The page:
NOV / DEC 2017: BY CHARITY BISHOP
Amazon’s series The Man in the High Castle is many things… a sci-fi adventure with an alternate timeline, a mind-bending glimpse into a different history, a philosophical exploration of abstract concepts and themes, and… a heart-wrenching story of love, loss, and struggle within different households. The series’ inability to choose sides, its devotion to creating villains and heroes in every faction, and its emotional moments make it unique.
It’s so complex, such a ‘thinking man’s series,’ it’s hard to choose where to focus. In The Man in the High Castle, America lost the war with Germany and Japan. The ‘allies’ divided the United States into territories, the east coast occupied by the Germans, the west coast by the Japanese, and the middle section ‘neutral territory.’ The mysterious ‘Man in the High Castle’ sends out and smuggles tapes of Hitler’s defeat in an alternate historical timeline to rouse the resistance, and the Germans and Japanese are desperate to stop him. The Nazis have terminated hundreds of thousands of Jews and anyone sick or deformed while the Japanese now displace the Americans into ‘second class citizens.’ Good and bad people exist on all sides of the conflict, from the ruthless bounty hunter / murderer in the neutral zone, to ruthless the Nazi commanders, and the rigid Japanese officers… but two men stand out, in particular.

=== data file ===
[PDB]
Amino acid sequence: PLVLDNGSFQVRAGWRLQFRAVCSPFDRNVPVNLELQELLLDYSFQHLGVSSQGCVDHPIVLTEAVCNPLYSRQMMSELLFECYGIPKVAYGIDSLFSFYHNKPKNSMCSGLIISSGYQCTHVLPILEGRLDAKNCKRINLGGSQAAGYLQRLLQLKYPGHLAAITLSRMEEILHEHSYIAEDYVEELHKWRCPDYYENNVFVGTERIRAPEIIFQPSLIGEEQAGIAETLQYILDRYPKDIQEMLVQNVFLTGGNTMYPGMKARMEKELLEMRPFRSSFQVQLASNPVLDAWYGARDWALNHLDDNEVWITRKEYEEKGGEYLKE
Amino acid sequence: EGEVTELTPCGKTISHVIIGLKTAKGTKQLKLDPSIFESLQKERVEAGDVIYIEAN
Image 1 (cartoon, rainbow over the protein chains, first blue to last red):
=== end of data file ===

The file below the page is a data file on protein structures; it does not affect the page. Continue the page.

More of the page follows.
One is Mr. Tagomi, whose meditative practices transport him into a second dimension (our reality)… a world of freedom in America, devoid of Nazism or Japanese occupation. Tagomi becomes so curious about this world, and so desperate to experience it, he continues to shift in and out of time, vanishing from his timeline and appearing in… ours. While “here,” he rediscovers his wife and family. His gradual understanding of how the Americans defeated the Japanese in the war (through the Adam Bomb) encourages him to bring a film reel to his timeline from ours, showing the bomb detonation, to fool the Germans into believing the Japanese have a nuclear bomb after Hitler’s death threatens the already-unstable Japanese/German alliance.
Tagomi is a moral, compassionate, dignified man, abhorrent of war, an idealist who longs for a more innocent, peaceful time caught up as a cog in a machine he cannot stop. He is as much a victim of circumstance as a perpetrator of evil; he cannot back down or argue against his government’s policies or he will die. His circumstances leave him no choice but to take part in greater evils if he wants to protect himself and those he loves. He does not share his views of the Japanese occupation with the audience, but he does not accept or embrace its brutalities while being patriotic in his desire to protect his people from German threats.